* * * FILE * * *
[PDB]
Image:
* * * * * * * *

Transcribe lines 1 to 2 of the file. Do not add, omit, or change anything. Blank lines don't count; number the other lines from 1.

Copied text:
[PDB]
Image: